Zambian President Edgar Lungu says chiefs must not abuse their role by selling land to foreigners at the expense of Zambians.
“The displacing of subjects by selling vast chunks of land to foreign investors must stop,” Lungu told the House of Chiefs that serves as the country’s traditional parliament.
Lungu’s remarks come after mounting criticism of traditional leaders ceding vast tracts of land to foreigners, while the majority of locals are struggling to acquire property. In the latest incident it was alleged that a Central province chief sold an entire chiefdom, including his palace and 26 villages.
Lungu said the land audit which started in 2014 will help address the many hurdles many Zambians face in trying to acquire land.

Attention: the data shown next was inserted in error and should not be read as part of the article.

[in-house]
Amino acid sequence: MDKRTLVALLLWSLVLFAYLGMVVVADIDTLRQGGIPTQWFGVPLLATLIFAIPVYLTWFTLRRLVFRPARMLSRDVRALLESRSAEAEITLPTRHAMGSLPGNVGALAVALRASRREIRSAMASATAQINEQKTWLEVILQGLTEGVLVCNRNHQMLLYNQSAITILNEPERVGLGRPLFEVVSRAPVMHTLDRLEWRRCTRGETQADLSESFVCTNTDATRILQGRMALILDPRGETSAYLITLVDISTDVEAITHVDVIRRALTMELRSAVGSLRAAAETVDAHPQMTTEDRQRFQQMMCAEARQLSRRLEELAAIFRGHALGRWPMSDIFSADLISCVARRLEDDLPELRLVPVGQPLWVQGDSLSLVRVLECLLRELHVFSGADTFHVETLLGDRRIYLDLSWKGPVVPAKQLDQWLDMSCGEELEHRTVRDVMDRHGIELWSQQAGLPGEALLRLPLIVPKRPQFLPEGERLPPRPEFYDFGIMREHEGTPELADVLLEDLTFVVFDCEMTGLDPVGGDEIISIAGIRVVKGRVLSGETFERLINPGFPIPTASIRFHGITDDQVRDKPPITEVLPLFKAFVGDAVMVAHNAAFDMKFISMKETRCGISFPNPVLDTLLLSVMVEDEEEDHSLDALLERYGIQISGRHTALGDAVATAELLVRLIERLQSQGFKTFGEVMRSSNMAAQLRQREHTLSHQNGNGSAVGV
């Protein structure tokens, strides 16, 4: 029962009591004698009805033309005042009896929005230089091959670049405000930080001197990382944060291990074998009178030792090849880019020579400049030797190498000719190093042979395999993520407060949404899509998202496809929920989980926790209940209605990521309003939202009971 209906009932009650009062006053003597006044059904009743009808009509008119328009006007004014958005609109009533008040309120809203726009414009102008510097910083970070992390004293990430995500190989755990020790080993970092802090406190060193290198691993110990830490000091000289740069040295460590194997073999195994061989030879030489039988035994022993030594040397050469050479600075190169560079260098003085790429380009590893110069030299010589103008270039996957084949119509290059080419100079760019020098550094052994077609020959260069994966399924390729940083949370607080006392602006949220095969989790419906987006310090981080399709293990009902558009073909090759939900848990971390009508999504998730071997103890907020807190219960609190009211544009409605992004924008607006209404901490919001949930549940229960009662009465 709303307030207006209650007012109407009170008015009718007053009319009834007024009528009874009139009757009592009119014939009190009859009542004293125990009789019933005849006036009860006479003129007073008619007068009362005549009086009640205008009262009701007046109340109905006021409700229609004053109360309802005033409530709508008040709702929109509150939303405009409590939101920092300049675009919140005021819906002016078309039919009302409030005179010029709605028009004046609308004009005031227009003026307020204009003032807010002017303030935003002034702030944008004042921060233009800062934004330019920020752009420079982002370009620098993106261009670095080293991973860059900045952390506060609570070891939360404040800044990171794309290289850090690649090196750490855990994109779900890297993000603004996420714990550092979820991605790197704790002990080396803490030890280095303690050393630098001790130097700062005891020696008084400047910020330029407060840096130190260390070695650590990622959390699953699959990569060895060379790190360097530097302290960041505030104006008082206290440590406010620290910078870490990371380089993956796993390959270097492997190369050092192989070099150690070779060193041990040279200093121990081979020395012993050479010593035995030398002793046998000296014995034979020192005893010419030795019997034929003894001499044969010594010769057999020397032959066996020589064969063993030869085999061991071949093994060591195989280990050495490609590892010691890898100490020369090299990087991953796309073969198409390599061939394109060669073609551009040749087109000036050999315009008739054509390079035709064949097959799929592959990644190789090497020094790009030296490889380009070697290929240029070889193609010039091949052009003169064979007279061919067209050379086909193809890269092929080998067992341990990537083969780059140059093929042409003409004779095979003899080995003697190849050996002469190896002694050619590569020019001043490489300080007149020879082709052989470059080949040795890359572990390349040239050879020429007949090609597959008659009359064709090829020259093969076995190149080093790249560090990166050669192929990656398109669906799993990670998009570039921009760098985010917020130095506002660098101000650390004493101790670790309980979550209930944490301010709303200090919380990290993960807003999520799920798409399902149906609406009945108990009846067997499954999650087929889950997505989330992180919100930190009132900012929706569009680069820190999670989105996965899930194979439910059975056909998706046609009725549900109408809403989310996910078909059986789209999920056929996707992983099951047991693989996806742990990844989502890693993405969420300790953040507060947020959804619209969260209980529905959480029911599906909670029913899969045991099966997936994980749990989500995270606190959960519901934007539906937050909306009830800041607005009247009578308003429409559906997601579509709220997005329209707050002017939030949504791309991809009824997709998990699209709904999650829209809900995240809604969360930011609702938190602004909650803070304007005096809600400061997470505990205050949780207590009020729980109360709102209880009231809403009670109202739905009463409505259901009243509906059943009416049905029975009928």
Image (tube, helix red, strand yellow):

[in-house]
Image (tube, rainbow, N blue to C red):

Traditional leaders are empowered under the customary land tenure system to give out land of up to 250 hectares, subject to meeting conditions set by the Ministry of Lands and the Zambia Development Agency (ZDA). Statutory land is administered by the Ministry of Lands and local councils.
Lungu said as custodians of land, chiefs should not abuse their role but preserve the land for their subjects.
He said customary tenure cushioned the majority from hardships of land acquisition and will be enhanced once the land audit is complete.